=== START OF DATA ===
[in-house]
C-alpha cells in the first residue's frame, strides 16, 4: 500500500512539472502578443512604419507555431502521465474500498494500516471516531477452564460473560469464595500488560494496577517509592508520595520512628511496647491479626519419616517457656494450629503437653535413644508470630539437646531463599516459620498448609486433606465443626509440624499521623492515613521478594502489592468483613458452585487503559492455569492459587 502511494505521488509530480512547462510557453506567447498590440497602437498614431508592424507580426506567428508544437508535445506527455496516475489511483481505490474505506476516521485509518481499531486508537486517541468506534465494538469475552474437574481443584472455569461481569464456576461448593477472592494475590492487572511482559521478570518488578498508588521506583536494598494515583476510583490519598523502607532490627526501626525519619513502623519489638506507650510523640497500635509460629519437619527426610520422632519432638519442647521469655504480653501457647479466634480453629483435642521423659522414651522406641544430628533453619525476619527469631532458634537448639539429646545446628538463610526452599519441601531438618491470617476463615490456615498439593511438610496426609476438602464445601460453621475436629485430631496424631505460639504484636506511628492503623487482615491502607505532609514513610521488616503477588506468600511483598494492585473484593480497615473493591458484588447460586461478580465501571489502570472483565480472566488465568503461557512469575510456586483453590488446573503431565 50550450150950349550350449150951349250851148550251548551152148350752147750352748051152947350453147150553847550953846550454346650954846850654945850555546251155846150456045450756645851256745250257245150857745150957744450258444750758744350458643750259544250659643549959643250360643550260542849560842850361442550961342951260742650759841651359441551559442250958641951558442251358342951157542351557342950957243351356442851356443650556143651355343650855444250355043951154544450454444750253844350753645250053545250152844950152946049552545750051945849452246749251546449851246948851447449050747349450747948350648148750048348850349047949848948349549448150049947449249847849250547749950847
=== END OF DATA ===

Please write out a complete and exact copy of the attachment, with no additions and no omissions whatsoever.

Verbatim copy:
[in-house]
C-alpha cells in the first residue's frame, strides 16, 4: 500500500512539472502578443512604419507555431502521465474500498494500516471516531477452564460473560469464595500488560494496577517509592508520595520512628511496647491479626519419616517457656494450629503437653535413644508470630539437646531463599516459620498448609486433606465443626509440624499521623492515613521478594502489592468483613458452585487503559492455569492459587 502511494505521488509530480512547462510557453506567447498590440497602437498614431508592424507580426506567428508544437508535445506527455496516475489511483481505490474505506476516521485509518481499531486508537486517541468506534465494538469475552474437574481443584472455569461481569464456576461448593477472592494475590492487572511482559521478570518488578498508588521506583536494598494515583476510583490519598523502607532490627526501626525519619513502623519489638506507650510523640497500635509460629519437619527426610520422632519432638519442647521469655504480653501457647479466634480453629483435642521423659522414651522406641544430628533453619525476619527469631532458634537448639539429646545446628538463610526452599519441601531438618491470617476463615490456615498439593511438610496426609476438602464445601460453621475436629485430631496424631505460639504484636506511628492503623487482615491502607505532609514513610521488616503477588506468600511483598494492585473484593480497615473493591458484588447460586461478580465501571489502570472483565480472566488465568503461557512469575510456586483453590488446573503431565 50550450150950349550350449150951349250851148550251548551152148350752147750352748051152947350453147150553847550953846550454346650954846850654945850555546251155846150456045450756645851256745250257245150857745150957744450258444750758744350458643750259544250659643549959643250360643550260542849560842850361442550961342951260742650759841651359441551559442250958641951558442251358342951157542351557342950957243351356442851356443650556143651355343650855444250355043951154544450454444750253844350753645250053545250152844950152946049552545750051945849452246749251546449851246948851447449050747349450747948350648148750048348850349047949848948349549448150049947449249847849250547749950847